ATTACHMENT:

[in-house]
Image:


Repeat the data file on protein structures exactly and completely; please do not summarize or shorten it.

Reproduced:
[in-house]
Image: